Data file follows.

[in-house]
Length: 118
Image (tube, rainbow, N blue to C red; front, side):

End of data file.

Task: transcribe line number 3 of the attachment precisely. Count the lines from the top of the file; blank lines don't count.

Image (tube, rainbow, N blue to C red; front, side):